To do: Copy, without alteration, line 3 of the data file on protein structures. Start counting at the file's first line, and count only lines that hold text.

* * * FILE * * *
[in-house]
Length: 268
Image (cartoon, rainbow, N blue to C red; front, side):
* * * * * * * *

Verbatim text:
Image (cartoon, rainbow, N blue to C red; front, side):